For weeks, The Revenant has been heard, but little seen. The 19th-century Western, starring Leonardo DiCaprio as frontier legend Hugh Glass, opened on Christmas Day in a mere four theaters, but the Fox studio awards machine has saturated the airwaves and talk shows and websites for two weeks.
You may have heard about the complicated production, which included filming in extreme and occasionally torturous weather conditions in order to capture Glass’s desperate plight in the untamed 1820s wilderness after he’s savagely mauled by a bear and left for dead. (Surely, you heard about the bear…) You may have heard about DiCaprio ’s commitment, which included submitting to freezing environments and eating bison liver — anecdotes used to pad his campaign for that long-overdue Oscar for Best Actor. And you may have heard about the precision and uncompromising demands of director Alejandro González Iñárritu and cinematographer Emmanuel Lubezki, the Oscar-winning duo from Birdman, that may have something to do with the crew members who walked off the set when times got hard.
Making The Revenant was a journey into the heart of darkness because it had to be. Glass’s tale, long mythologized and resurrected by Michael Punke’s 2002 novel, on which the film is based, is a miraculous survivor’s tale. On the brink of death following his disastrous encounter with a bear, Glass was left in the care of two fellow trappers — played by Tom Hardy and Will Poulter — bribed by their boss to give him a proper burial once he expired. But as Glass lingered, and hostile Indians lurked in the wilderness, they took matters into the own hands. Somehow, Glass survived and set off in pursuit of the dishonorable men who betrayed him.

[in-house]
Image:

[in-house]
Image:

“The Revenant marks Alejandro González Iñárritu’s return to the big screen with a vengeance — literally,” says EW’s Chris Nashawaty in his B review of the film. “It’s an epic about the existential extremes human beings will go to for revenge. Well, that, and witnessing one of Hollywood’s biggest stars endure a Passion of the Christ-style beating from man, beast, and nature.”
Read more at EW